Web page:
Getting a grip of efficient road salt shipping

Dave Lee, Contracts Manager at Irish Salt Mining, sets out the fine margins involved in the transport of salt for road treatment and why an efficient supply chain is vital.

For many people headlines such as ‘Beast from the East’ or ‘Snowmageddon’ are really depressing; not us though! We live for winter weather and if it’s not snow we’ll be perfectly happy with freezing wet. 

Of course, being so reliant on Mother Nature, we have to be very well prepared for extreme and short-notice fluctuations in demand. For example, our Glasgow warehouse handled over 200,000 tonnes in 2017/2018 as opposed to less than 90,000 the previous year.

Another factor we need to manage is that road salt is a low value commodity with extremely fine margins. It doesn’t make economic sense to ship it too far.

Fortunately, we’ve been producing road salt from our mine in Northern Ireland since 1965. So we know what we’re doing and we’re helped by some great supply chain partners.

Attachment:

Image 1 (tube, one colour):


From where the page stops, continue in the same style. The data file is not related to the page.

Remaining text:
For more than 40 of those years we’ve worked with the Peel Ports Clydeport team. Much of our product goes to Scotland where we have service contracts with 15 local authorities and various private road contractors from our storage facility in KGV.

To help us respond quickly to demand, we operate our own jetty on the entrance of Belfast Lough, which means we can have salt at the King George V (KGV) terminal ready for distribution within 12 hours of leaving our shores. 

The team at KGV are well versed with the demands we ask of them.  Whether that’s lightening vessels in Hunterston before bringing them up the Clyde, late notice ships (maybe even no notice – sorry!), or bombarding them with phone calls when there’s snow on the ground and stock is low.

I can’t stress enough the help we get from operations team there, with an exceptional approach that’s based on flexibility and reliability.

KGV’s location is really important too. Being inland it allows us to reduce the cost per tonne significantly through maximising sea transport. We rent a shed there, allowing us to keep a buffer of 28,000 tonnes, which is usually enough to buy some time when the mercury drops suddenly.

From our shed, we then distribute the product with our contractor JW Morrison Haulage, another supplier who really understands how we need to work to keep Scotland’s roads safe.

To find out more on Clydeport and its capabilities, click HERE.

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